Simon, I don't really have to ask you how you met up with Wouter ('Wowie' Rosseel, guitar/bandleader/composer, red.) as you both play with Pura Vida.
Simon 'Saimn-I' Decante (vocals): "In fact, we've been playing together longer than that even. The first band we were both a part of was Wrong 'Em Boyo."

How exactly did Jamaican Jazz Orchestra come about?
Simon Decante: "In 2011 Wouter graduated at the Ghent conservatory and what was then still called Jamaican Jazz Project was in fact nothing more than his final project. Even though the project was only intended as a one-time event, we immediately got requests to play again and that's how the ball got rolling."

Won't calling a Belgian Ghent based band Jamaican Jazz Orchestra confuse people?
Simon Decante: "(laughs) I don't think it's as bad as all that. That name is mainly meant as a tribute to our musical heroes and they are all Jamaican!"

Compared to genres like ska, reggae and dancehall, Jamaica's jazz history is probably far less known.
Simon Decante: "You're not wrong, but for his final project Wouter familiarized himself with the Jamaican jazz scene. Artists like Ernest Ranglin or Monty Alexander are known the world over and several members of The Skatalites (Tommy McCook, Don Drummond, Lloyd Knibb, red.) had a jazz background as well. Boogie-woogie and jazz were the music of Jamaica's white upper-class, people who in the early days of the ska era still turned up their nose at the genre. In any case, it's an interesting bit of music history."

As Saimn-I you take part in just about every new reggae project popping up in Flanders. Doesn't that get confusing after a while, both for yourself and your fans?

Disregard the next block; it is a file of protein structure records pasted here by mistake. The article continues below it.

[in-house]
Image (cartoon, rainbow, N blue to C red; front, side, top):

Simon Decante: "I'm really only combining two bands at the moment - Pura Vida and Jamaican Jazz Orchestra - and apart from that I do some solo work MC-ing with various sound systems, so all in all it's not that bad. It's become a way of life, allowing me to express myself verbally. Honestly speaking, it hasn't given me schizophrenic tendencies yet and the more projects you're involved in, the more people get to know you, so it's more of a positive than a negative thing."

Jamaican Jazz Orchestra seems to be a project where the instrumental is given slightly more room than the vocal element. How important would you say your lyrics are in that equation?
Simon Decante: "Well, for starters I don't sing on every Jamaican Jazz Orchestra track. That being said, I guess my presence will be slightly more noticeable live then on the EP, but the focus of Jamaican Jazz Orchestra's is definitely on the instrumental parts. Often it's a question of finding the right balance and I think we've succeeded."

Jamaican Jazz Orchestra is a ten piece band. Is it difficult to keep a large group of musicians like that organized?
Simon Decante: "It's not an easy task, but in my opinion Wouter does a very good job. It takes some discipline, but it's not as if we have a scheduled rehearsal every week either. However, many of the musicians in Jamaican Jazz Orchestra combine different music projects, which means synchronizing our schedules can be tricky at times."

You guys have been hosting the Jamaican Jazz Sessions in Ghent for a while now. What are they all about?
Simon Decante: "The Jamaican Jazz Sessions are really nothing more than jam sessions, taking place at Petra's Place on a monthly basis with Jamaican Jazz Orchestra hosting the event. It basically means we're on stage improvising and freestyling away and whoever feels like joining in can do so. You can find us there every first Wednesday of the month, so feel free to drop by!"